Friday, April 22, 2011

Production Design Meeting

Thursday night was another great night of inspiring talks from women in film doing what they love. Be sorry if you missed it. (I’m sorry if you did.) The best thing about these meetings is always the candidness of our special guests’ stories. Costume Designer Amy Maner and Set Decorator Jeanette Scott weren’t any different. They didn’t just list all of the technical aspects of their jobs, but rather, they infused their dialogues with colorful anecdotes ranging from a phone call with Dennis Quaid to “that one time” after a 22-hour straight shift ended in an abandoned, gasless, car on the side of the road.
While both Scott and Maner talked about the technical sides of their jobs, there’s no question that they love what they do. Scott gushed that one of the greatest benefits of being a Set Decorator is the prep work involving meeting people and immersing yourself in their culture. Whether it be talking with some fishermen who make old wooden boats or having dinner with some town locals as you research the set location, the prep work that a Set Decorator gets to conduct is a highlight of the job and an integral aspect, too. Scott notes that the number one rule to remember when doing your research and creating a set is to ask yourself, is this in service to the story being told? She says that while it can be tempting to choose things you really love or things that “look cool,” ultimately, everything has to be authentic and integral to developing the story. (When you see “The Tree of Life” in theaters next month, take note of the minimally decorated—and authentic-looking—50s style living room. Know that that’s how Scott the job.) Less is sometimes more.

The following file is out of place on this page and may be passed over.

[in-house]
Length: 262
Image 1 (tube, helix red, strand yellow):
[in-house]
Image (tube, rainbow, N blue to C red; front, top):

Not necessarily for Maner, though, who likes to juggle an array of jobs. Whether it be costume designing, supervising, buying, directing or acting, Maner keeps herself busy by switching it up a bit on the work front and always staying plugged in to various projects. She encouraged students to do the same, agreeing with Scott that first step is getting your foot in the door and the easiest way to do that is to intern. Interning, says Maner, is a great way to make connections and stay plugged in. On that note, Maner that if you want to work for her, you have to know C Plot Pro, a software program that breaks down a script scene by scene and is something she refers to as "the Bible" for Costume Designers. Keeping up with scenes and sizes, budget and time frame, and keeping actors happy and corresponding with the art directors and the film’s director can be exhausting, but Maner’s passion and energy for her job seem to make it look relatively breezy. Geographically speaking, she’s also in a good place that enables her to do it.
Something both ladies agreed on was the benefit of living in Austin as a film devotee. As opposed to LA, for example, “Austin is nurturing…it’s really a town that is in love with film,” said Scott. Maner agreed, saying it is “an honor” to live here. Hear that, Hollywood? You’ve got some competition.
The thing that really struck me (for the 1040th time and may or may not have gotten me a little misty-eyed as senior on the verge of graduation) was toward the end of the meeting when both guests were encouraging all of us to find our passion, and “do something that makes [us] smile.” If these two ladies aren’t living out the adage of doing something you love and never working a day in your life, then I don’t know who is. On the note of being passionate about your work, Scott shared a story that a professor had told her daughter: this professor mused that so many people say certain fields are too competitive and odds are slim that you’ll be that one successful person in your field…but why not you? If you have that passion and you work hard, why can’t you be the person that is crazy successful in your chosen field?
So find your bliss, the thing (or things) that make(s) you smile, work hard, stay plugged in, and go be crazy successful, y’all. Why not you?

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